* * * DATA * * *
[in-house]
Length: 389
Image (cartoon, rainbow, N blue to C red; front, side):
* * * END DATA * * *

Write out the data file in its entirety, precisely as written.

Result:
[in-house]
Length: 389
Image (cartoon, rainbow, N blue to C red; front, side):